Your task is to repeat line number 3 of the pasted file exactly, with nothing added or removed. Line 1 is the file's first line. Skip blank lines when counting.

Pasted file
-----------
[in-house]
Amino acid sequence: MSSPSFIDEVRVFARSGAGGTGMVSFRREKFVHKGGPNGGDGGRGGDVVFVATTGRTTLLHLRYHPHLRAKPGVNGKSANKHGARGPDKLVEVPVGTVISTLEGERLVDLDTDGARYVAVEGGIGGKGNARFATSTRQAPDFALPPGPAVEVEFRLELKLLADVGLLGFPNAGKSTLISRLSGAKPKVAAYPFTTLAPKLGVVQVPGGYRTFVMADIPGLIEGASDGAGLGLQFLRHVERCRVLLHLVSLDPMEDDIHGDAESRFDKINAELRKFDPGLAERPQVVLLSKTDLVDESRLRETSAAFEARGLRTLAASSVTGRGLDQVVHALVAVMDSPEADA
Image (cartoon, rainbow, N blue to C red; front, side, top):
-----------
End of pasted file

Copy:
Image (cartoon, rainbow, N blue to C red; front, side, top):